My Poor Resume

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As you have seen from my last two post, I have become consumed with perfecting my resume. Now I know that it wasn’t the best copy I had, but I thought it was pretty close. Oh how I was wrong.

In my writing class, we discussed resumes and cover letters. The lecture was helpful, but the handouts were more informational. It gave me something to compare my résumé to, something to model my résumé after.

What was wrong with my résumé (and maybe yours too)

  1. Too many words: I thought I cut the words down significantly, but there was still too many
  2. Lacked action words: I tried using complete sentences (see first point). Action words are used when describing work experience.
  3. Format was ALL wrong: Well it wasn’t completely wrong, it just need some cleaning up. Too much white space in some areas, and not enough in other areas. I should have combined sections.
  4. Not enough of my identity: My professor’s says having some type of style will make you stand out. I’m still working on this, but I hope my QR code and new heading will help.

Tell me what you think of my old resume and my new resume. I think it’s an improvement, but what do you think?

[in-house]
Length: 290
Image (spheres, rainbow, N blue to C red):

Old Resume: Michaela Williams Resume

New Resume: Michaela Williams Resume

Revamping My Resume: Tips

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Writing the post on QR codes inspired me to look up some more way to make my (and your) resume stand out. Using my favorite search engine I found some great tips. Let the fun editing begin!

  1. Tailor it to the job. To save time people create a “generic” resume and use it for every job they apply to. Instead of doing this, edit your resume to fit the personality traits needed to fulfill the job and use your real world experience to back it up. (source)
  2. Make it easy to read. You hate writing and I’m sure employers are tired of reading long, wordy resumes. Make important headlines stand out by bolding or underlining. Use bullets not paragraphs for job descriptions. Use standard font. If they can’t read it, they won’t hire you. (source)
  3. Use extracurricular activities if you lack experiences. Had to choose a paying job over an unpaid internship this summer? Don’t fret. Try listing things you did for school or in clubs to fill that gap. I did not have an internship this summer, but I did help plan and market a big event for a club.
  4. Grab attention. Resume’s do not have to be a white sheet of paper. For a job interview, it’s important that the interviewer remembers who you are. Get creative with it by formatting it differently or printing it on fabric. Prezi Resume anyone! (be careful with this one, some employers may not appreciate how creative you are).

Hope these tips helped and inspired you to look at your résumé again. First impressions are important and when applying for a job your first impression is you resume. Are you making a good first impression?

This is only the beginning!

❤ Michaela